Happy Father’s Day to all the Dads! Father’s Day is on the third Sunday of June. Did you know that on July 19, 1910, the governor of the U.S. state of Washington proclaimed the nation’s first “Father’s Day?” However, it was not until 1972, 58 years after President Woodrow Wilson made Mother’s Day official, that the day became a nationwide holiday in the United States. In 1972, in the middle of a hard-fought presidential re-election campaign, Richard Nixon signed a proclamation making Father’s Day a federal holiday at last.
Interestingly enough, Father’s Day also falls around the time of the Summer Solstice, which occurs between June 20 and June 22. In modern culture the Summer Solstice is the start of summer, and so we tend to go for BBQ parties and ice cream cakes when it comes to Father’s Day celebrations. However, the Summer Solstice has a much deeper meaning and connection to fathers. The Summer Solstice is a time to celebrate the masculine. This longest day of the year is about radiating outward masculine aspects within all of us, the “fathering” of newborns, and all men fathers who have, in ways great and small, impacted our lives. Traditions of the Summer Solstice go back to ancient times and its reverence for growth and the father figure is a part of the season. Coincidentally we chose the month of the Summer Solstice, Litha or June, to celebrate Father’s Day as well or was it serendipity? This year in particular, the Summer Solstice has fallen exactly on Father’s Day. It’s a double celebration!
This year I chose to celebrate the Fathers in our lives with a theme that pays ode to the Summer Solstice. First thing in the morning with all the presents and summer flowers that I put out, I also set out to brew with intent a Midsummer Sun Tea. A concoction of home grown herbs that will steep in the sun all day long until sunset, when we shall sit down to a Father’s Day dinner and sip the flavorful tea that has harnessed the sun. This is a great idea for while you spend the day outdoors all day or while you Barbeque. My recipe for Midsummer Sun Tea is in my last post on Summer Solstice and Five Creative Ways to Embrace Midsummer.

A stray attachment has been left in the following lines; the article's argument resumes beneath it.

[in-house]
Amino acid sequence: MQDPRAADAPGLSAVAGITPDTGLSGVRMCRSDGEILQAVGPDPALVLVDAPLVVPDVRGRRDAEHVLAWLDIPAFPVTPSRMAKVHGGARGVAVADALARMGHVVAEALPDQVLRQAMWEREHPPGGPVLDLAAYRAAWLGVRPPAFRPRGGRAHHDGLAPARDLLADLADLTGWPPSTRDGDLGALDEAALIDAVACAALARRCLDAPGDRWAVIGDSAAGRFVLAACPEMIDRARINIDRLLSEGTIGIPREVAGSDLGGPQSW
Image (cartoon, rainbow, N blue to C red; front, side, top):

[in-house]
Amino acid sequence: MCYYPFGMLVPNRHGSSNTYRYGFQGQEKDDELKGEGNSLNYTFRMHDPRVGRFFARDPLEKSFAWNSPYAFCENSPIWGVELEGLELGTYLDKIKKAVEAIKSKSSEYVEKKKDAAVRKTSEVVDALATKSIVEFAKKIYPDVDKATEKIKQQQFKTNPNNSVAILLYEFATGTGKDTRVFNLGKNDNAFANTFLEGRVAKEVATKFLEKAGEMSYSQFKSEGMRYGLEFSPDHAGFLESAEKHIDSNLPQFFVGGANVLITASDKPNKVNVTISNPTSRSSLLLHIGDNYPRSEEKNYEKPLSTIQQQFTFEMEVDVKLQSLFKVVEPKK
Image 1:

For something sweet to go along with the tea I decided to make Midsummer Cookies, but I simplified it a bit and they may not be as natural as you would want your Summer Solstice Sweets to be, but I have a good reason for that. Although my cookies draw from nature’s elements of pistachios and almonds, I had to throw in some chocolate for the Dad who loves it. I whipped up a batch of Pistachio Almond Chocolate Chip Cookies that are to die for.
These cookies are super easy to make and require very few ingredients. They turn out soft and melt-in-your-mouth. The cookies are packed with unique pistachio flavor from the pudding mix and crunchy toasty bite from the chopped almond nuts sprinkled on top!
Pistachio Almond Chocolate Chip Cookies
3/4 cup butter, room temperature
1 pkg. Instant Pistachio Pudding Mix (4 serving size)
1 and 1/4 cups all-purpose flour
4 Tbsp. chocolate chips
3-4 Tbsp. raw sliced almonds
Preheat oven to 375 degrees F and line two cookie sheets with parchment paper.
In a medium bowl, cream together the butter and pudding mixture with an electric mixer until smooth. Gradually beat in the flour, adding about 1/4 cup at a time. Stir in the chocolate chips.
Form dough into balls and place on cookie sheets. Gently flatten the balls with your palm – these will not spread very much while baking so however much you flatten them is what the baked cookie will turn out like. Sprinkle the almonds on top of each cookie, and gently press them into the dough so they stick on.
Bake cookies for 11-13 minutes, until the bottoms are light golden brown. Remove from oven and let cool on the cookie sheets for 5 minutes, then transfer to a wire rack to cool completely. These cookies can be stored in an airtight container.
We are off to enjoy our Midsummer Night’s Father’s Day!